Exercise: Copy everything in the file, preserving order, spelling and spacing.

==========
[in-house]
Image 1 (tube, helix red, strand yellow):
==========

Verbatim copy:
[in-house]
Image 1 (tube, helix red, strand yellow):